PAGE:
At what point does a band’s signature sound transcend personal identity to assume a greater role, joining the ever-growing lexicon of subgenres? For example, it’s impossible to hear any given Meshuggah track and assume it to be any given band that isn’t Meshuggah, and yet the latest scientific studies and figures conclude that any given djent track will contain at least 85% ‘shuggah byproducts; similarly, at one point the Swedish reformed Toolists Soen even went so far as to denote the American band’s sound as being a genre in and of itself. The lines between mimicry, homage and inspiration can be blurry, at best, but we here at AMG Industries eternally persist in our endeavor to discern and
damn judge them all the same. We’re saints like that, yo. Today’s line defilers are stuck between a rock and a Mastodon place, but to what end? Keep reading, tvrdz, the exciting info isn’t packed into this intro rant – what do you think this is, the fucking news?
So before we get too far into this discussion of Burn Scar, let me make something clearer: Shadow Limb sound like early (read: good) Mastodon. Like, a lot. The only way to experience the earnest, adventurous riffs and rhythms of tracks like “Rudiger; his name is not important ” or opener “Asger Arisen” without immediately recalling Mastodon is to have somehow never heard Mastodon in the first place. Every hungry, frantic bit of the golden-era Mastodon sound1 is summoned forth on Burn Scar, and if you didn’t care for the original Georgia boys you’re not likely to find yourself particularly in favor of this Californian alternative. That is, of course, unless you happen to be a fan of Neurosis, as their influence on Shadow Limb is nearly as prominent on Burn Scar as the Mastodon worship. One could argue that the two are one and the same, but I know what I mean anyway, and if you listen beyond the embedded track you just might, too.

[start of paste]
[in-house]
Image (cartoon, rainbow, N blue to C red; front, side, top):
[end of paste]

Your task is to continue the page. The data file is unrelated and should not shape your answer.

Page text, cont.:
The riffs might have Mastodon all over them, but the Neurosish harsh vocals and sludgy atmosphere pay moderate dividends towards Shadow Limb attaining their own identity. To that end, the Californians do a pretty stellar job of blending and balancing these musical mediums, essentially blurring the best bits of both bands into something that seethes and spasms skillfully at the center of their respective spectrums. Given the band’s origins as an instrumental act (La Fin du Monde) it’s somewhat unsurprising how smoothly these sounds are stitched together; regardless of who might have inspired them,2 Shadow Limb definitely have their songwriting shit together. The ebb and flow of Burn Scar is organic and exceptional, and if Mastodon weren’t already a thing I’d likely feel that these guys were onto something special here.
The problem, ov course, is that Mastodon are a thing3 and this being the case makes it incredibly difficult to hear anything on Burn Scar without immediately correlating it to a particular Mastodon moment ov olde. The album is not without its own standout quirks — the snarling bass groove that closes out “Watered Down Alby,” for example, straight up rules — but nor can it stand out particularly effectively when the whole thing is a tour de force through someone else’s tonal territory. The riffs are engaging, evened out with expertly nuanced atmospheric lulls and made to flow as smoothly as hobo wine through Steel, and the varying vocal shades of harsh sludge and clean stoner doom hues fit in as naturally as the music itself, yet none of this elicits much more than a “meh” from me — largely because I’ve already given away the majority of my “oooh’s” and “aaaah’s” for this music the first time I heard it all.
I’m out of ways to say “sounds like Mastodon,” and given how little else there really is for me to discuss regarding Burn Scar4 I suppose this is as good a place as any to cease my senseless prattling.5 It’s an enjoyable enough album; Hell, it’s downright fun, but the sheer level of Mastodon-ness coming from this not-Mastodon band makes for a tricky overall assessment. Ultimately, the music is executed quite effectively and enjoyably; if adventurous, prog riff rompery with a side of sludge is your thing,
listen to Mastodon give this thing a whirl, you hardly risk being disappointed. The technical and compositional talent are all here, but Burn Scar‘s lack of any real uniqueness to speak of left me somewhat cold. A tough break, but I suppose that’s just the curl of the burl.67
- To be clear, that’s everything preceding and including The Hunter. Don’t hate the Muppet, hate the trvth. ↩
- You know, aside from the obvious: Machine Head. ↩
- Damn you for existing, yo’s! ↩
- Its music, anyway. I could probably talk for years about the cover/Album Artwork ov the Year, but I won’t. ↩
- Novel use of a closing paragraph, I know. ↩
- I regret NOTHING. ↩
- I do… – Grumpy Grier ↩